Charles Baker, a hatchery technician at ODFW’s Sandy hatchery, puts a coho salmon into an ice-filled tote destined for the Oregon Food Bank. (Photo by Rick Swart/ODFW) Click on image to see larger.
Jan. 12, 2015
CLACKAMAS, Ore. – Banner runs of Pacific salmon helped feed thousands of Oregonians in 2014.
Oregon Department of Fish and Wildlife hatcheries donated more than 350,000 pounds of Chinook and coho salmon to food banks in communities across the state.
The huge donation of high quality protein was made possible by one of the largest returns of Pacific salmon in years. A record 1.2 million Chinook and 1 million coho returned to the Columbia River in 2014. Similar returns are expected again in 2015.
“The unprecedented returns salmon to our region the past two years have benefited fishermen, the economy, and helped feed thousands of people who might otherwise have gone hungry,” said Chris Kern, deputy administrator of ODFW’s fish division.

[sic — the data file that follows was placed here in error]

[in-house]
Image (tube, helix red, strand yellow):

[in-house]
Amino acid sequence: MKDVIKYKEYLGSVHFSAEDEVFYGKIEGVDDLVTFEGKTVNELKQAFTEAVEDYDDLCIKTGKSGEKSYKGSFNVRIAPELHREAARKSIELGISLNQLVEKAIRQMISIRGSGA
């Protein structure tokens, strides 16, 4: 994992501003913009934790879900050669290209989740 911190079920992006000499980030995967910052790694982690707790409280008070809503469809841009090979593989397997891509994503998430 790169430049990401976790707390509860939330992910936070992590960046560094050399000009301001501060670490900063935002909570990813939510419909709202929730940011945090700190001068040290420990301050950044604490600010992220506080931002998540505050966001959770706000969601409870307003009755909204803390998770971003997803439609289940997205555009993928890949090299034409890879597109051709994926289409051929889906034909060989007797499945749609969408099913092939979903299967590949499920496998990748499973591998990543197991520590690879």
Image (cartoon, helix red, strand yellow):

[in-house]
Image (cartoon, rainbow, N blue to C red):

The vast majority of salmon donated to Oregon’s food banks are collected after ODFW hatcheries gather enough eggs to produce the following year’s crop of juvenile salmon. Once the young salmon are reared at the hatcheries and then released, a small percentage of them will return to the hatcheries as adults after spending three or four years maturing in the ocean.
“We’re proud that our hatcheries have such positive impact on the lives of Oregonians,” said Manny Farinas, ODFW West Region hatchery coordinator. “Thanks to all of our great volunteers that helped collect, process, and deliver the fish to the various food banks.”
If forecasts materialize as hoped, 2015 could be another outstanding year for salmon returns. Preliminary data compiled in December by fishery managers from Oregon and Washington suggests Chinook returns will be even larger than 2014 while coho returns could be mixed.
“All the indicators are pointing to another good year of salmon returns,” Kern said.